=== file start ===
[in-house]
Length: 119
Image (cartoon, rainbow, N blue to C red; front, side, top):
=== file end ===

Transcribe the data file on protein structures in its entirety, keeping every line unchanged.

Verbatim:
[in-house]
Length: 119
Image (cartoon, rainbow, N blue to C red; front, side, top):